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Table for signs of position, displacement, and velocity

  1. Aug 13, 2015 #1
    1. The problem statement, all variables and given/known data
    SL8oRHo.jpg

    2. Relevant equations
    Velocity = Displacment/Time

    3. The attempt at a solution
    Ok, so I thought this was straightforward at first, but I'm having my doubts. The position column, I filled out with the standard assumption the right and up are positive and left and down are negative. For displacement, I was a bit confused as to what it was asking, so I figured each situation started at a point and wanted the displacement for that point. By that logic I got the signs for displacement which happened to be the same as the signs of position. Finally for velocity, I first thought it was based on whether the object was speeding up or slowing down. But, I thought that shouldn't really matter for the sign of velocity, but for whether it is increasing or decreasing, which the question doesn't care about. I know velocity = displacement/time, and since time is always positive, the sign of velocity should be dependent on displacement. So I put the same signs from displacement into velocity.

    PS, I don't have any background in physics, this is my summer assignment to which they gave no background and no textbook -.-
    The fact that all the signs ended up the same still makes me worried that I am doing/did something wrong.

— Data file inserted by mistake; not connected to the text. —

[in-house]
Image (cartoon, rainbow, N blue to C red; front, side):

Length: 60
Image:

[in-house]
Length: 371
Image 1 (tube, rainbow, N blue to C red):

2. jcsd
  3. Aug 13, 2015 #2
    That is acceleration!

    The sign of velocity indicates its DIRECTION


    edit: read your answers. no problems
     
    Last edited: Aug 13, 2015
  4. Aug 13, 2015 #3
    So the increasing/decreasing stuff was just a red herring. Thanks for your confirmation :)
     
  5. Aug 13, 2015 #4
    well I think it is!

    If a car is going forward at 100 mph one moment, and going forward at 50mph the next moment ; then its velocity is still positive (it is going forward!)

    however, it is (de)accelerating.


    for interest, note that if a car is turning a corner, its velocity IS changing because its direction is changing. your 'ball' is going in a straight line.
     
  6. Aug 13, 2015 #5

    SammyS

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    It seems that none of these specify a position.

    Should there perhaps be another column labeled acceleration. The situations described fairly beg for that.
     
  7. Aug 13, 2015 #6
    yes, that was my first thought, then I edited the post.

    The questions seem to be red herrings - they specifically mention acceleration, but do not give the option. Its almost trying to trick the student, and there should be no trick questions!
     
  8. Aug 13, 2015 #7

    SammyS

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    ... but has the student provided an image which includes the complete table?
     
  9. Aug 13, 2015 #8
    That is the complete table. No acceleration column. iG2GGwr.jpg
     
  10. Aug 13, 2015 #9

    haruspex

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    I agree that logically there should be an acceleration column, but it should be instead of the position and displacement columns. No origin nor initial position are specified, so position and displacement are both indeterminate.
     
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